I had a spreadsheet titled "Book ARGH" into which I entered each day's word count next to the date. It then calculated the running total for the manuscript, divided it by the number of days left until the deadline, and thus told me how many words I needed to write on each remaining day to make it to the finish. I found the terror this inspired very motivating. After a bad day when I only put 250 new words into the document, the required daily word rate would shoot up over 2,000; a good day could push it down below 1,000.

I will discreetly draw a veil over how much of a complete mess I was during the 84 days in which I wrote like this. Suffice to say, when I mentioned to my husband that I was starting work on a new book idea, his main feedback was "maybe you could cry less this time". That gave me a jolt and got me thinking: why do I do it like this? I like this profession, I've made it work for me, yet I'm so very terrible at putting in the hours. There has to be a better way to write.

There's that quote, often misattributed to Dorothy Parker, that goes "I hate to write, but I love having written". I've believed in that for a long time — that the process has to be awful so that I can arrive at the blissful feeling of a deadline met. And I've never had cause to question this, because I always get there somehow. I didn't exactly love the all nighters and the stressful crunch periods, but I thought that was just how I worked. I needed the adrenaline to flush out the inspiration.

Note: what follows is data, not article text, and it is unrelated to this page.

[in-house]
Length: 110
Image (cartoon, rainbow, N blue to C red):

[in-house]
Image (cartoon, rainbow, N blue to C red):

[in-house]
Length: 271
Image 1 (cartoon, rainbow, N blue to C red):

That is, until the last few months. Around the first anniversary of going into lockdown last March, I suddenly lost two skills at the same time: the ability to get a full night's sleep, and my much-honed capacity to pull the words out of the bag at the last minute. It was not dissimilar to the disbelieving feeling you get when convalescing from an illness. I used to be able to walk up this hill without getting out of breath, so why am I having to sit down every ten steps? The environment looks the same but the way you inhabit it is utterly changed.